Conversions are popular among the traditional condo market — empty nesters and retirees, says Kevin Krulewitch, managing broker of the Real Estate Alternative LLC in Indianapolis. These buyers are looking for secure gated facilities, less maintenance, and a reduced cost of living.
“Instead of tearing something down, why not refurbish and rehabilitate the property?” Krulewitch says. “If an existing property is already located near schools, jobs, recreation, and other lifestyle choices, the question should really be, why not convert?”
Krulewitch and other experts say conversions are popular in Manhattan, Phoenix, Seattle, South Florida, Las Vegas, San Diego, Chicago, and other expensive areas that have limited housing stock for entry-level buyers.
Some developers spruce up lobbies and hallways. Others gut units — refurbishing with luxury upgrades, such as carpet, window treatments, fixtures, stainless steel appliances, and granite countertops—and redevelop common areas to showcase ornate façades and lush landscapes with waterfalls, pools, and spas.
To capture the existing rental market, many developers offer discounts and incentives that can be used toward the purchase price or closing costs.
Still, assuaging the “Why would I want someone’s old apartment?” mentality can be a challenge when selling conversions, but Krulewitch says stunning makeovers attract entry-level buyers, single professionals, and families looking to trade detached living for shorter commutes and more quality time at home.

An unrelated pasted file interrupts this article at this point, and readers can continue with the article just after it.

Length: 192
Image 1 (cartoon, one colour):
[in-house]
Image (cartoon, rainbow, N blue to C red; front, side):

Condos Within Hotels
For buyers looking for more quality time while on the road, the condo-hotel is another option.
These permanent residences feature all the furnishings and amenities of a luxury hotel — such as world-class restaurants, 24-hour concierge, security, valet, housekeeping, and room service.
Tom Taylor, broker-owner of North Myrtle Beach, S.C.-based Condotels International Inc., says major hotels started selling the residences in the 1980s.
“Today, almost all of the world’s largest lodging chains have a condo division,” Taylor says.
Joel Greene, president of Condo Hotel Center in Miami, says South Florida condo-hotel residences range from $600,000 to $800,000 for a studio to $750, 000 to $1 million for a one-bedroom unit. Buyers pay more than $1 million for a two-bedroom unit. Greene says a rental option provided by the condo hotel management company allows owners to receive a portion — often about 50 percent — of the rental income of their specific unit when away.
Taylor says developers favor waterfront, mountainside, and downtown areas with strong demand for upscale lodging. Myrtle Beach, S.C.; South Florida; and Las Vegas have fast-growing condo-hotel markets that favor high-end travelers and boomers looking for a high-amenity pied-à-terre.
“Boomers are looking for a vacation lifestyle of spacious accommodations, dining activities, and entertainment,” Taylor says. “They demand extra services and luxurious amenities.”
Bon Voyage Living